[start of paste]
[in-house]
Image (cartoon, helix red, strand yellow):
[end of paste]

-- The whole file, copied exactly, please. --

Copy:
[in-house]
Image (cartoon, helix red, strand yellow):